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The European Union and the Public Sphere

A Communicative Space in the Making?

Edited by John Erik Fossum, Philip R. Schlesinger

Routledge – 2007 – 336 pages

Series: Routledge Studies on Democratising Europe

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  • Add to CartPaperback: $49.95
    978-0-415-47965-3
    June 10th 2008
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    978-0-415-38456-8
    May 24th 2007

Description

The European Union is often attacked for its ‘democratic deficit’, namely its deficiencies in representation, transparency and accountability, as well as its lack of popular support. Can these shortcomings be counteracted by the development of a viable European public sphere?

This book assesses the possible formation of a communicative space that might enable and engender the creation of a transnational or a supranational public. The contributors consider the EU’s democratic credentials and how well it communicates, and they also evaluate the major institutions and their links to general publics.

The European Union and the Public Sphere emphasizes a ‘deliberative democratic’ perspective on the public sphere, addressing some key questions:

• What are the prospects for a European public sphere?

• Should we think in terms of the EU having a single public sphere, or are overlapping public spheres a more viable option?

• What do this book’s findings on the question of the public sphere tell us about the EU as a political entity?

Students and scholars of European democracy, political communication, and the politics of institutions will all be greatly interested by this book.

Contents

1. The European Union and the public sphere: a communicative space in the making?

John Erik Fossum and Philip Schlesinger

PART I: Communicative practices and a European public sphere

Philip Schlesinger and John Erik Fossum

2. Conceptualizing European public spheres: general, segmented and strong publics

Erik Oddvar Eriksen

3. The public sphere and European democracy: mechanisms of democratization in the transnational situation

Klaus Eder

4. A fragile cosmopolitanism: on the unresolved ambiguities of the European public sphere

Philip Schlesinger

PART II: Assessing Europe’s general public(s)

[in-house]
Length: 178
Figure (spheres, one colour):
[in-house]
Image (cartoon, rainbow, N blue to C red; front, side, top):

Philip Schlesinger and John Erik Fossum

5. ‘Quo vadis Europe?’ Quality newspapers struggling for European unity

Hans-Jörg Trenz

6. Political communication, European integration and the transformation of national public spheres: a comparison of Britain and France

Paul Statham

7. The European void: the democratic deficit as a cultural deficiency

Abram de Swaan

8. Political integration in Europe and the need for a common political language

Lars Chr. Blichner

9. EU enlargement, identity and the public sphere

Maria Heller and Ágnes Rényi

10. Religion and the European public sphere

François Foret and Philip Schlesinger

11. The public sphere in European constitution-making

John Erik Fossum and Hans-Jörg Trenz

PART III: Institutional conditions and the European context

John Erik Fossum and Philip Schlesinger

12. European commissioners and the prospects of a European public sphere: information, representation and legitimacy

Andy Smith

13. Transparency, audiences and the evolving role of the EU Council of Ministers

Deirdre Curtin

14. Transnationalising the public sphere? The European Parliament, promises and anticipations

Ulrike Liebert

15. Conclusion

Philip Schlesinger and John Erik Fossum

Bibliography

Author Bio

John Erik Fossum is Professor of Political Science at ARENA, Centre for European Studies at the University of Oslo, and Professor at the University of Bergen, Norway.

Philip Schlesinger is Professor of Cultural Policy in the Department of Theatre, Film and Television Studies and Academic Director of the Centre for Cultural Policy Research at the University of Glasgow, UK.

Name: The European Union and the Public Sphere: A Communicative Space in the Making? (Paperback)Routledge 
Description: Edited by John Erik Fossum, Philip R. Schlesinger. The European Union is often attacked for its ‘democratic deficit’, namely its deficiencies in representation, transparency and accountability, as well as its lack of popular support. Can these shortcomings be counteracted by the...
Categories: European Union Politics, Democracy, Politics & the Media